Besides those without homes, tens of thousands were suddenly without work, their careers lying under a pile of twisted iron and pulverized concrete. The night I arrived we walked up to Union Square Park on 14th Street. Probably because this was where the original security line was drawn, the park has become a living, evolving shrine to the victims and a center for prayers and vigilance.

I saw people with many different agendas, from born-agains to communists, Buddhist monks to Scientologists, hippies to hard-core punk rockers. But mostly I just saw people who came to shed a tear, light a candle and say a prayer for peace.

The call for peace was rather pervasive here. Peace signs and words of love were all about, woven between the photographs and shrines to the missing. As America postured and readied for war, President Bush seemed convinced Americans can "stomach" the actions he feels we must take. The view from here told otherwise.

Said one man at the park, "They want you to believe that if you're against war, you are somehow un-American, a coward. But that's just not true."

The media was working hard to create an America united in its resolve to take military action against a vaguely identified aggressor. But as the president struggled to secure a coalition of world powers in his bid for war, another kind of coalition was forming.

On Sept. 22, the NYC Direct Action Network sponsored the symposium, "Vision and Resistance: Where Do We Go from Here" at Charas, a school-turned-community center on the Lower East Side. I attended a workshop on organizing across race lines, but workshops were offered all day on the history of U.S. imperialism, the Middle East and Afghanistan, and U.S. anti-war movements. It was standing-room-only, with people spilling out into the hallways. I could only assume the other workshops were equally well attended.

From Charas, I made my way across the East Village, drawn back toward Union Square like iron to a magnet. On my way I passed the Islamic Council of America, a lone police car keeping a quiet vigil just across the street. A few angry placard-toting patriots gathered here soon after the attack, but saner neighbors sent them home without much struggle.

On 14th Street I stopped at Engine Co. 5, just two doors down from where I used to live. These guys would have come if my apartment were burning, so it felt good to give my donation directly to them. The firemen here told me they lost two from their company and didn't know a firehouse that hadn't lost someone.

When I reached the park, I found everything was new in the daylight. Flowers and pictures and candles were literally being added by the second. The time lapse photography would look amazing.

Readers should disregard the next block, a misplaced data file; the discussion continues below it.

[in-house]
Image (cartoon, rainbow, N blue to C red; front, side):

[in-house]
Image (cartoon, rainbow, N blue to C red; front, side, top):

There were perhaps 2,000 people here, but it was a migrating crowd and this shrine could have easily attracted as many as 30,000 per day. Buddhist monks chanted and prayed, Hari Krishnas sang and swayed, and Christians, Muslims, Jews, pagans and communist atheists all seemed bent on a heartfelt desire for peace.

A man in hat and tie nervously began talking on the steps. Obviously upset with what he was witnessing, his words came out in short staccato bursts that soon increased in volume until he was shouting in anger. He held flyers in his hands that asked, "Who is Jesus?" and accused the crowd of lying down when we must stand up and fight.

People widened their path around him, and no crowd gathered to hear him speak. It seemed the other Christians among us had already asked themselves the question, "What would Jesus do?"

Members of the anti-war coalition A.N.S.W.E.R. (Act Now to Stop War and End Racism) arrived at the park and started handing out leaflets about the National March Against War and Racism in Washington, D.C. on Sept. 29. The group was being organized through the International Action Center, founded by former Attorney General Ramsey Clark (for more information visit www.iacenter.org).

Away from the park, friends seemed optimistic in spite of the impending war. Author Sarah Schulman saw this time to be full of creative possibilities. "A great void has been created, and we have the opportunity to fill it with good and wonderful things," she said. Steve and Monica echoed the sentiment. They're encouraged by the way New Yorkers have shown themselves to be the best kind of neighbors, though no one pretends the road from here won't be a difficult one.

Saturday night pulled me back to Union Square one more time. Again the shrine had evolved and grown. Heated discussions sprang up as people debated the pros and cons of war on the steps to the park. Lines were being drawn in America.

President Bush has made it clear to the world that "if you ain't with us, you're agin us," but it's clear the American people themselves are divided around this issue. A crowd gathered as people shouted out their point of view, believing perhaps that the loudest opinion must be the correct one. Yet the whisper of peace still remained at the end of the day.

As I traveled back to Cincinnati, I began to wonder what my journey accomplished. I saw old friends and touched home ground and was in turn touched by what I witnessed.

War is as certain as the sunrise, but I never thought my journey could change that. Yet perhaps it's what we do in the face of war and in spite of war that's most important. Loving and caring for one another is a start. Extending that love to our enemies might be an end.

In the Sunday morning world of a half-filled airport, I watch the still beauty of a group of Orthodox Jews saying their prayers toward the rising sun. I can only trust their prayers are the same as mine. ©